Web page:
For Immediate Release
Agreement Reached in E-Verify Lawsuit
The City of Springfield has reached an agreement with plaintiffs (Positronic Industries, Inc.; Oke-Thomas & Associates; Stenger Management LLC; and Joe Robles) in a lawsuit over the City’s controversial E-Verify ordinance approved by voters in February.
The plaintiffs contended that the ordinance, proposed by the Ozarks Minutemen and passed by initiative petition, was unconstitutional and in violation of federal and state law.
The parties have filed an offer of judgement and an acceptance of judgment. The agreement leaves intact only a small part of the ordinance, and orders that what remains are provisions that may only be enforced consistently with state and federal law.
City attorney Dan Wichmer said his office defended what they thought were legal portions of the ordinance.
“There were many areas where the legal analysis between the City and plaintiffs reached the same conclusion as to the unenforceable provisions,” he said. To avoid waste of money and resources, the City made what is known as an “offer of judgment” after discussions with plaintiff’s counsel, he explained. It was this judgment that was entered by the Federal Court Clerk.
Positronic President John Gentry points out the plaintiffs do not support or condone illegal immigration in any form. “All of us were opposed to the proposed E-Verify ordinance because it put Springfield businesses at a competitive disadvantage by piling on more City regulations in an area of the law pervasively covered by federal law. It was clearly ill conceived and overreaching with mostly unconstitutional provisions,” he explained.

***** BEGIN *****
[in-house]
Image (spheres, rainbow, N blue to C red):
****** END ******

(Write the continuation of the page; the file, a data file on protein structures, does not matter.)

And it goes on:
As part of the agreement, the City agreed to pay $45,350 in attorneys’ fees and Court costs, admitting the plaintiffs are “prevailing parties”.
“We are pleased to have these issues behind us and that we may focus on the business of serving our citizens again,” said Greg Burris, City Manager.
The City law department will bring forward a “clean-up” bill to bring the current ordinance into conformity with the judgment. This will essentially mirror current federal and state Law, Wichmer said.
At that time, the City should be essentially in the same position as before the ordinance, with employers compelled to comply with the current federal and state law. Laws essentially require companies to employ only individuals who may legally work in the United States – either U.S. citizens, or foreign citizens who have the necessary authorization. Laws do not mandate the use of E-Verify – the free Internet-based system that allows businesses to determine the eligibility of their employees to work in the United States.
For more information, contact: Cora Scott, Director of Public Information & Civic Engagement, 417-864-1009 (office) | 417-380-3352 (cell), email@example.com